Forever Young - by Dan Liebman

During an interview just before the calendar flipped to the year 2000, veterinarian Robert Copelan had this to say about W.T. Young: “I often wonder what would have happened had the phone been busy (the first time Young called). Meeting W.T. Young was that bolt of lightning; the most important thing to happen to me in my life.”

On June 9, Bill Young Jr. announced he was dispersing the horses of his family’s Overbrook Farm near Lexington, which his father had developed and operated until his death in January 2004 at age 85.

Copelan, a friend and advisor to W.T. Young for 25 years, was surprised by the announcement, but he understood that while Bill Young had the same astute business acumen as his father, he did not possess the same passion and enthusiasm for Thoroughbred racing and breeding. So, while Copelan hates to see Overbrook cease to exist, he takes satisfaction in the success the farm enjoyed and, more importantly, in the friendship he forged with W.T. Young.

“For me personally, he was the wisest man I ever met,” Copelan, who refuses to slow down from practicing veterinary medicine at age 82, said. “He had everything nailed down. I tried to make him laugh, and he didn’t laugh a lot, but I kept trying. We had some great times together. He was a serious-minded guy. He suffered no fools.”

W.T. Young was a business legend in Kentucky, from starting a small peanut butter company that was sold and became the mighty Jif, to starting a trucking firm and storage company, businesses his son runs today. He was generous to a fault in his help to the University of Kentucky, Transylvania University, and Shakertown.

But W.T. Young took special satisfaction in the development of Overbrook, from its first 100 acres to more than 2,000, from his first mare to many grade I winners and producers, and especially in Storm Cat, one of the greatest sires of this or any other time.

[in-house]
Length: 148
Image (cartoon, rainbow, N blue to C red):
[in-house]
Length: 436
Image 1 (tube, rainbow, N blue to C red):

“He called me out of the blue,” Copelan said, recalling the conversation of 30 years ago. “He asked if I would come look at a horse he had purchased. I went the next day. “I’ll never forget we shook hands and I called him ‘Mr. Young.’ He said, ‘We’re about the same age, so I will call you Bob and you call me Bill.’ He began to call me more frequently, and it became an arrangement where I was there for his assistance at any time, any way I could help. We became great friends.”

Dr. Bill Lockridge arranged for Young to purchase three mares privately, and the Overbrook Farm owner hit the jackpot; that package included Terlingua, the dam of Storm Cat, and Cinegita, the granddam of champion Flanders and great-granddam of champion Surfside.

One day Copelan selected a filly at auction by the stallion named for him, and she was purchased for Young for $45,000. When told he could name her, Copelan suggested Boondi Queen, from the Rudyard Kipling poem “The Last Suttee.”

“He just looked at me and said, ‘You read too much,’ ” Copelan recalled, laughing.

Instead, Young named her Pat Copelan, after the vet’s wife, and she won the 1988 Adirondack Stakes (gr. II).

“Being a part of Overbrook, and seeing what Storm Cat accomplished, is one of the proudest things in my career,” Copelan said. “What set W.T. Young apart from anyone else is that he always wanted the person to whom he sold a horse to have the best deal.”

When Bill Young told Copelan of his decision to shut down Overbrook, Copelan said he was “overwhelmed. But the reasons Bill cited were all valid, they could not be argued about, they were his decisions, and they were sound decisions.”

And who would understand those reasons more than anyone else? “Yeah,” Copelan said, “you’re right. W.T. would completely understand.”

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